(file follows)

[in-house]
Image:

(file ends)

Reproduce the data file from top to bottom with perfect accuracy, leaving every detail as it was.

[in-house]
Image: